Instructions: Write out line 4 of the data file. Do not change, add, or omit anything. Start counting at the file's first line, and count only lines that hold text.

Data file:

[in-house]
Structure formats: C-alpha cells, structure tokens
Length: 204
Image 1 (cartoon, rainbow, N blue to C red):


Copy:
Image 1 (cartoon, rainbow, N blue to C red):